2015 Fall Quarter

Development of Next-Generation Batteries for Plug-in Electric Vehicles

Dr. Faguy manages the Applied Battery Research Program, a part of the Hybrid Electric Systems Group in the Vehicle Technologies Office in the Department of Energy’s Office of Energy Efficiency and Renewable Energy.

Discussion of Energy Materials with John B. Goodenough

The Clean Energy Institute is pleased to host Dr. John B. Goodenough, who is widely credited for the identification and development of the Li-ion rechargeable battery that is prominent in nearly all of our portable electronic devices.

Thermochemistry of Redox Active Oxides and its Relevance to Solar Fuel Generation

Laboratories around the world are pursuing a variety of promising strategies for converting solar energy into a reliable energy source for on-demand utilization. Prof. Haile’s recent work on water dissociation for solar-fuel generation by thermochemical processes has created new avenues for harnessing sunlight to meet rising energy demands.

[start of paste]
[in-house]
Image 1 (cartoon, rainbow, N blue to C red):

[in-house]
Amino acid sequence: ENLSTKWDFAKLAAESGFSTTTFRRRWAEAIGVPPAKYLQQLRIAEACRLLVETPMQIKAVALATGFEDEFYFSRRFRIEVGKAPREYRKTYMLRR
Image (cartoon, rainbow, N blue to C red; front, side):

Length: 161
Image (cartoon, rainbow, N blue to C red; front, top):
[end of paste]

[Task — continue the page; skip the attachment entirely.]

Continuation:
2015 Spring Quarter

Understanding Formation, Operation and Stability of Organic-Inorganic Perovskite Solar Cells

Within the last few years organic-inorganic halide perovskites have risen to become a very promising PV material, captivating the research community. The Clean Energy Institute is pleased to host one of the most recognized global leaders in perovskite research.

Organic-Inorganic Perovskites for Photovoltaics and Light Emission

Understanding carrier diffusion and recombination mechanisms, as well as ion migration is key to further development and bringing the perovskite technology to commercialization.

An Executive’s View of the Changes Driving the Energy Economy